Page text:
Preparing for your financial future can be difficult because you need to consider so many things. You have to pay your bills, save for the future and prepare for emergencies. But how do you prepare for the future when there’s so much money to be spent?
Creating a languishing or emergency fund is your best bet, and you can try several ways to save these funds and build a nest egg that can be used for a variety of purposes or expenses.
Why Do You Need an Emergency Fund?
You need an emergency or languishing funds account because emergencies happen. The average American doesn’t have $400 saved for emergencies and that should give you reason to spring into action. Without emergency funds, you turn to credit cards, borrow from friends and family or worse.
Plus, these funds allow you to invest and earn money with your money. Every little thing you can do to improve your financial situation makes a difference, and you can make simple investments that give you more money to work with. You can invest in treasury bonds, stocks, ETFs or crypto.
How Much Languishing Cash Do You Need?
Prevailing wisdom varies on how much money you need in a languishing or emergency account. You might choose to carry an amount equivalent to:
- A month of salary
- 3 months of salary
- 6 months of salary
- Your homeowners insurance deductible
- Your auto insurance deductible
- Your property taxes for the year
- $1,000 for emergencies
- A series of yearly expenses for which you must save: ad valorem taxes on your car, school fees, children’s activities.
Irrespective of how you begin saving money or how much you believe you need, more is better. Over time, you may turn this account into a catch-all that pays for rainy day expenses and emergencies. You might also open a completely separate account just for entertainment or rainy day purchases.
In either case, keep a ledger that explains where the money is coming from, where it’s going and a running total.
How to Earn Interest on Your Emergency Fund
Want to earn as much as 7.12% on your emergency or languishing funds? High-yield savings accounts and money market accounts from your bank pay a fraction of a percent in annual interest; even 10-year Certificates of Deposit only pay about 3%.
Meanwhile in January 2022, government-issued Series I Savings Bonds — I Bonds — pay a composite, temporary interest rate of 7.12%.
Earning interest on your emergency fund is a good way to grow money you want to keep relatively liquid — available to use — in case you need it. You can easily buy U.S. Treasury bonds and cash them in if you need them. I Bonds mature in 30 years, so in that way they represent a longer-term investment, but you can still earn a low-risk return through these even if you hold them for far less than 30 years.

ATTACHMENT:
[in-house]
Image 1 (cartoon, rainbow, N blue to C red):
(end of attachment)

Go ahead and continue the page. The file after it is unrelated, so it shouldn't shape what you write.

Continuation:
Making your money work for you is a good first step in increasing your net worth, building wealth and protecting yourself financially.
How to Buy I Bonds
Anyone can buy I Bonds so long as they are a:
- U.S. citizen ashore or abroad
- Civilian employee of the federal government anywhere in the world
- Current U.S. resident
You purchase I Bonds through TreasuryDirect.gov or in paper form with your income tax refund. You pay face value for the bond, and it collects interest as mentioned above. In a single year, you can purchase up to $10,000 in electronic bonds or $5,000 in paper bonds.
You can also purchase bonds as a gift for any TreasuryDirect user, or you can request paper bonds for anyone and they will be mailed to you. Generally, you purchase the bonds in your name because you plan to cash them in the future,
Additionally, adults can buy bonds on behalf of children. Other entities such as trusts and estates can purchase bonds under certain conditions. Corporations and partnerships cannot purchase bonds.
An estate or a trust established by your estate can also purchase I Bonds designated as:
- Single ownership
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Start an Emergency Fund Today
You can start an emergency fund today using these tips, but you’ll want to create a plan that includes the right amount of money you are trying to save. Calculate the money you need for future purchases, save as much as you can and set yourself up to enjoy stronger financial security.
Frequently Asked Questions
How much money should be in your emergency fund?
While conventional wisdom has changed over the years, most financial experts would advise you to keep at least 6 months of salary in an emergency fund. However, you might keep specific amounts of money in your languishing funds account to pay for property taxes, yearly purchases or regular expenses.
Do you pay taxes on bonds?
Yes. Generally, you pay federal income tax on your savings bonds, but you may be exempt from state taxes. Reach out to an accountant for further assistance.